The UK death toll rises to 128
The number of swine flu cases has doubled in just one week, with hospitals reporting record numbers of patients being treated in the pandemic.
As the death toll rose to 128, health officials said the disease appeared to be affecting younger people and those without pre-existing health conditions. Sir Liam Donaldson, the government’s chief medical officer said: ‘It looks as if the virus is having a different impact in the flu season than it had in the summer.’
New figures suggest 53,000 people have gone down with the disease compared with last week’s total of 27,000. Sir Liam admitted doctors were, ‘very unnerved by the severity of illness and how life-and-death situations arose very early’.
Most of those dying were aged under 65 and more than half were under 45. This is different to seasonal flu, where most deaths occur in the over-65s. ‘It’s highly unusual to have so many younger people dying. We should not pass this off as an acceptable number,’ he added.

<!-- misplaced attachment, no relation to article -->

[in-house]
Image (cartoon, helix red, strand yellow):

Sir Liam warned that the rise in severe cases would put increased pressure on hospital beds: ‘We are starting to worry about the sustained pressure over the winter that the NHS might face.’ Despite this, the number expected to catch the virus over the winter has dropped from original estimates of 30 per cent to 12 per cent of the population – about 7.3million people.
In addition, a national swine flu immunisation campaign was launched on Wednesday. Frontline health workers and hospital patients deemed at risk, such as pregnant women and cancer sufferers, were the first to receive the vaccine. GPs will begin immunising at-risk groups in the community, including pregnant women and people with chronic conditions such as heart disease and diabetes, from Monday.
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